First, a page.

Richard  6:28 

Watch it.

Muse   6:30 

In a way, it will. DNS, though, is going to then backup what we do with the McKenzie Method and then stabilize the individual and change function. So that’s how I utilize it.

Jordan  6:40 

Yeah, I would agree with that. We kind of think about it in phases of care, right? And, for DNS, for me, at least in my practice, I tend to think of it as we use it later on in the treatment plan so that, once they’re out of symptoms, that’s when we’re really trying to restore what is good movement for them. So then when they go back to a back squat, or a deadlift, they’re actually doing it with more efficiency, as opposed to just like, okay, it’s the same injury over and over again. So, I tend to think of it as, like, kind of later on, I don’t know about you guys.

Ben  7:07 

The majority of stuff that walks in here is mechanical issues. It’s not like someone came up with a bat and hit you on your knee and your knee hurts, it’s something they’re doing to themselves. So, DNS is a way that we can assess the movement and kind of figure out and problem-solve with the assessment. And then, also, injury prevention so we can correct movements that they’re not coming back here with the same problem.

Richard  7:28  

Yeah. I think that what we’re all basically saying is that DNS is a way to sort of dig down and actually address the cause of the problem. So, the cause of the problem is not your bones, your backs slipped out, or your bones aren’t moving, right or something, the problem is actually in the quality of your movement. So, Jordan has said when someone’s squatting, like, how they squat. Brad mentioned improving movement quality, that’s our way of actually digging down to what we all believe is the source of the patient’s problem. So, Ben just said they’re not acute trauma. We treat this, of course, but most of the stuff that we see might be a runner that’s got some knee pain. It’s not that they fell on their knees, it’s that they, through repetition with bad movement patterns developed a knee problem. And DNS is a way to go in and assess the quality of their movement, identify any movement dysfunction that they have that will actually then produce their pain or their injury. And so, it really is, I think, for all of us, a way to kind of dig all the way down and address the source of the problem which is then going to result, hopefully, in longer lasting results, and maybe even just completely resolving the issue altogether. What about how it’s impacted your practice? We all answered the question, “How does it fit into the treatment plan?” We come in at the beginning, and usually, as Jordan said, at the end, that’s when we’re really hammering the function. Like Muse was saying, restoration of function, improving the quality of the movement. But how does it actually impact your practice? For me, it really comes down to being able to address highly complex cases. So, that’s where it really shines, in either the elite athletes or the really complex cases. So, someone with low back pain for 10 years, or they’ve had knee pain with squatting for however long, or these really really complex cases. That’s, to me, because we’re able to identify the actual source of the problem and address it on the most deepest fundamental level. For me, that’s how it’s had a big impact in my practice. It’s those complex cases.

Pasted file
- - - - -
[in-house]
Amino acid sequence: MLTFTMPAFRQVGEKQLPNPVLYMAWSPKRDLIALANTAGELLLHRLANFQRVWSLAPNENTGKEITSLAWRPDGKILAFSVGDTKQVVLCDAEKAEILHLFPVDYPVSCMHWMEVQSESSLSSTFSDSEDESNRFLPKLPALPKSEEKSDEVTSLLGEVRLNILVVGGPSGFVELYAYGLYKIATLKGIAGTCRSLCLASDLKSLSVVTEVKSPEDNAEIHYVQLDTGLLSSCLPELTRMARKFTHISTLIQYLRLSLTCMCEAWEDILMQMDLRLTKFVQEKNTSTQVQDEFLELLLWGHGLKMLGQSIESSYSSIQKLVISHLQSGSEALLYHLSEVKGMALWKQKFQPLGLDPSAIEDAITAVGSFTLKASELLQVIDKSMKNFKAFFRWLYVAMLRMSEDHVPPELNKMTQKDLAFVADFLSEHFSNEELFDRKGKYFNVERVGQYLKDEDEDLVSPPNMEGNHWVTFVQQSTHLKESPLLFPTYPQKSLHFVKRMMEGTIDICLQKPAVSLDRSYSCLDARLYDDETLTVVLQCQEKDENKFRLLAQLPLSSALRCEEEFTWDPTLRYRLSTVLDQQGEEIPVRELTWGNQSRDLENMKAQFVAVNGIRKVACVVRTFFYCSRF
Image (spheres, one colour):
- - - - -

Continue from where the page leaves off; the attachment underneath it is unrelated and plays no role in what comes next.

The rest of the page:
Muse  9:34 

Yeah. I came out of that world of athletic training. And especially early on in my career, there was a lot of the typical rehabilitative exercises with strong focus on strengthening of muscles.

Richard  9:51 

Three sets of 10.

Muse  9:51 

Three sets of 10. I worked a lot with baseball, so sideline, doing band aid stuff here. And once I took that first DNS course — and I’m using this reference because I’ve watched this movie on the way back from Prague — but it’s like I entered the matrix all of a sudden. So, my eyes were just opened up so much more to what human function actually looks like. And then, not that there’s not a time and place for strengthening typical rehabilitative exercises, but this just completely flipped my understanding of the human body on its head and just changed how I practice it all together.

Jordan  10:26 

Yeah. I just feel like I see practicing in a way different lens than maybe I would have done before. It’s like, basically, the foundation of how I think about human movement, like you guys have said. Just the way I look at a patient versus, like, “Okay, do they have pain or no pain?” It’s way more than that. And so, it’s just changed so much in terms of where I want to take the patient after symptoms.

Ben  10:49 

Yeah. I think you guys kind of all said it, but the understanding of the body. So, that all-encompassing knowledge. So like when someone comes in with back pain, and we can do an assessment, and I can tell them, “Yeah, your back hurts, your hamstrings are tight, I bet you have acid reflux.” It gives you this whole understanding of how the body works and you can fix things that the patient doesn’t even tell you about.

Richard  11:17 

Yeah, it’s a super powerful thing. So, we don’t want to go too long, but DNS has had a humongous impact on each of our practices. Whether you’ve been treated by us and you know it or not, you’ve had DNS used on you. And if you’ve never been treated by us, the reason that we’ve all actually gone through the process to get certified is it is so stinking powerful in being able to produce long-term results in even highly complex chronic cases. So, we’ve got scheduled, we’re going to start putting out a lot more videos kind of explaining DNS. So, be on the lookout for those. But if you have any questions, feel free to comment below. We would love to kind of answer that. But have a good…

Muse  12:00


Richard  12:00

Or whenever you’re watching this.

Jordan  12:03


[End Of Audio]